German Guatemalan

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German Guatemalans
Deutsch- guatemaltekischen
Total population
Regions with significant populations
Alta Verapaz, Baja Verapaz, Guatemala city, Quetzaltenango, Zacapa and Jutiapa.
Spanish, German and Q'eqchi'.
Roman Catholicism, Protestantism, Irreligion and Jewish
Related ethnic groups
Germans, Guatemalans

A German Guatemalan is a citizen of Guatemala whose ancestors were German settlers (along with other settlers from Belgium) who arrived in the 19th and 20th century. Guatemala had a massive immigration of Germans in the nineteenth century.[2] The government of Justo Rufino Barrios provided them with farmlands for coffee in the departments of Quetzaltenango, Alta Verapaz and Baja Verapaz,[3] and by the early 20th century Germans populated Guatemala City, Zacapa and Jutiapa. Guatemala currently has a strong community of Germans who make up the majority of European immigrants in the country, and it is also the most numerous German community in all Central American countries.[4]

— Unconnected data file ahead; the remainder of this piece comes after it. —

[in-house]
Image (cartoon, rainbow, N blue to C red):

In the 1940s, 8,000 German immigrants lived in Guatemala.[5] Although by 1944, these Germans were expelled by the oppressions of the United States and are now estimated to be 5,000,[1] or between 7000 and 10.000,[6] it still forms the largest community of Germans in all of Central America.

German Colonization[edit]

Coffee plantation estates built by the Germans

The first German colonists arrived in the mid-19th century, and soon German settlers acquired land and operated coffee plantations in Alta Verapaz and Quetzaltenango. Cobán became an important center for German settlers. Other German operations cultivated tea, cocoa, and vanilla.[7] While most Germans went to Cobán, others went to San Juan Chamelco and Xelaju (Quetzaltenango). Cobán later came to be monopolized by German trade in wholesale stores, but they and, to a greater extent, the fincas dispersed throughout almost the entire region of Alta Verapaz. They paid workers with coins minted by each owner. These currencies could only purchase in the company store of the finca, whereby the employer obtained extra pecuniary gain.[8]